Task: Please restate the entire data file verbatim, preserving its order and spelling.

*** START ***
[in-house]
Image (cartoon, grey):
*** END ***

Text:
[in-house]
Image (cartoon, grey):